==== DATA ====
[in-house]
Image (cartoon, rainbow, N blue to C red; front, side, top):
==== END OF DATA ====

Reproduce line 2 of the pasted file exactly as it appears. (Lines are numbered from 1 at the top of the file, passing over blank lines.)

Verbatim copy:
Image (cartoon, rainbow, N blue to C red; front, side, top):